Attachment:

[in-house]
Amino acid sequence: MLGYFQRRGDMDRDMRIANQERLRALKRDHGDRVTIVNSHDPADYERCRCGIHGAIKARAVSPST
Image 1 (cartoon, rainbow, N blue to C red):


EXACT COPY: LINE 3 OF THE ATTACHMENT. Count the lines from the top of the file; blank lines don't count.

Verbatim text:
Image 1 (cartoon, rainbow, N blue to C red):